Old English Sheepdog (Image credit: Getty Images)

A stunning dog with classic good looks, a purebred Old English Sheepdog puppy costs on average around $1500. However, trips to the groomers every four weeks can be costly, and they are prone to eye problems. 

25.  Löwchen/Little Lion Dog 


Löwchen (Image credit: Getty Images)

These dogs are rare, making them expensive. Popular in central Europe for many years, the Löwchen shares ancestors with the Bichon Frise. The traditional cut for the breed makes them look leonine, leading to the nickname “Little Lion Dog”. In America, Löwchen breeders are few and far between, so you will probably pay over $5000 for a purebred puppy.

26. Swiss Mountain Dog

Swiss Mountain Dog

Swiss Mountain Dog (Image credit: Getty Images)

You can expect to pay in excess of $1500 for a Swiss Mountain Dog puppy, but they might be a good alternative to the Bernese Mountain Dog for overall cost, as their grooming needs are much less intensive.  

27. Azawakh


Azawakh (Image credit: Getty Images)

A stunning sighthound from West Africa, Azawakh dogs aren’t commonly found in the USA. A puppy is likely to cost $2000, but you may need to ship your new puppy from its homeland, which makes the overall cost significantly higher. 

28. American Eskimo Dog  

American Eskimo Dog

American Eskimo Dog  (Image credit: Getty Images)

American Eskimo dogs have a darling appearance that you will find yourself falling in love with. There is quite a range of prices, as the dog comes in ‘toy’, ‘miniature’ and ‘standard’ sizes. Some pups sell for $800, some in excess of $4000 - it all depends on the type, coat color and breeding.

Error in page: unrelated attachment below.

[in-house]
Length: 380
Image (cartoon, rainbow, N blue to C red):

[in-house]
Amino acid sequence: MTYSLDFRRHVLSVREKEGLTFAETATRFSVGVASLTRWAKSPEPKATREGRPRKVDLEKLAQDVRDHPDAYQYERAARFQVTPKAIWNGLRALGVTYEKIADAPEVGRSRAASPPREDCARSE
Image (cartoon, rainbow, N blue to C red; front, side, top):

29. Cavapoo


Cavapoo (Image credit: Getty Images)

The cavapoo is popular due to its low-shed coat and lovely temperament. They can cost between $1000 and $3000 and have regular grooming costs, as their coat needs regular trimming, every 4 to 6 weeks.

30. Miniature Dachshund  

Dachshund puppy walking on grass

Dachshund puppy walking on grass (Image credit: Getty Images)

For such a small package, these dogs can be pricey. A puppy will generally cost between $1500 - $2000, but if you want a mini with a rare colored coat, be prepared to pay more. 

31. Pomeranian

Pomeranian standing outside on the grass

Pomeranian standing outside on the grass (Image credit: Getty Images)

Poms are lovely toy dogs, but their coats require a good amount of maintenance and a puppy can cost up to $6000, but are generally closer to the $2000 mark.

32.  Norwegian Lundehund

Norwegian Lundehund

 Norwegian Lundehund  (Image credit: Getty Images)

A rare breed that will likely put you back around $2000 for a pup, and you’ll have to move fast to snap one up, with very few breeders working in the US 

Lou Mudge

Lou is an experienced writer and keen dog lover who works at PetRadar's sister sites, LiveScience, Fit And Well and Coach. When Lou isn't covering health and fitness, she's busy spending time with her family dogs, horse riding or growing all kinds of veggies and flowers on her allotment. Lou’s journey has had a big focus on improvement of overall quality of life, and she brings that to PetsRadar to help improve the lives of pets and their owners.